Tuesday, 27 January 2015

Wavering Down and Cross Plain, Mendips.

Cultivated and uncultivated
Saturday last, feeling somewhat recovered from germs (though still not fighting fit by any means), we took the opportunity in bright sun but fearsome cold to take a walk up Compton Hill, above the village of Compton Bishop. Then across Wavering Down, then over Cross Plain, above the village of Cross down past an old quarry site for a pint, and then back home.
Cross Plain belowFor me it was hard work breathing wise but the legs could have gone on forever. For Amanda the reverse, the knees were rebelling but the breathing was fine ... once warmed up. As per previous post, the lumbar spine has been bitching ever since, but once I’m back in the pool perhaps that will change the overall `physical dynamic’, to use unnecessarily flowery language. We would like to point out that this time last year in Spain we were super duper fighting fit. The difference couldn’t be more stark.
Crook Peak, Brent Knoll
Back to the present. For context, this route starts in the same place as the walk up to Crook Peak but turns right (east) at the top of Compton Hill not left (west). As walks go it isn’t that long maybe three miles, but it is steep in places and the views are spectacular. You walk among sheep, and gorse and bracken, across close cropped grass and patches of land, where with a little more erosion, I think you would find something akin to Limestone pavement. Between that condition and its current condition is this thin layer of soil covered in tough grass. Here and there the soil is deep enough to hold a lot of water and the red mud sticks the proverbial to a blanket.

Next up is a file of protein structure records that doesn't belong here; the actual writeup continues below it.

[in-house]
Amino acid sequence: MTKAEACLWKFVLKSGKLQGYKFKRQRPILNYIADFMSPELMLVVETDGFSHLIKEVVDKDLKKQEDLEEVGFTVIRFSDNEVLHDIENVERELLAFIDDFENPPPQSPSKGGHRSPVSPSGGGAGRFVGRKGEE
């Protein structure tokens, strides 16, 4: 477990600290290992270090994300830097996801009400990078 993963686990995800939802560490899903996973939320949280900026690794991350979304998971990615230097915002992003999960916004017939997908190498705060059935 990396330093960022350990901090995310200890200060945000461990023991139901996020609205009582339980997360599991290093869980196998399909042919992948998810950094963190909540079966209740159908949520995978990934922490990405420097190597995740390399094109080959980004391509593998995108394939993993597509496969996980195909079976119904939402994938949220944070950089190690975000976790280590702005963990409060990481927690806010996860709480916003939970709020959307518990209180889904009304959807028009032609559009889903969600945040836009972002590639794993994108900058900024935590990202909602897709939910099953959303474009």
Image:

Crook Peak
Down in the quarry at the end of our particular walk you can see the layers of limestone. Right at the foot of the man made cliff you can see a stain on the rock where water percolates down onto the slab, this is stained black from saturation and then drying. It’s a fascinating look at the way water makes its way through an aquifer and out through cracks, and gives a clue to the workings of Cheddar Gorge and Wookey Hole a way inland. Take a close look at the picture of crystallised pocket in the cliff, this clearly predates the quarry and gives an idea of what’s probably going on elsewhere in the rock that makes up the Mendips.

http://en.wikipedia.org/wiki/Cheddar_Gorge

As ever enjoy the pictures.
The Hills are Alive
Drystone wall repairs, with profile boards

Cheddar Reservoir and Glastonbury Tor

Quarry
Limestone pocket with crystals
Water Stains at the foot of the Quarry Cliff
Drywall

Drywall Protection

House on Cross Plain

Where's me Wellies
 


The Hills are Alive


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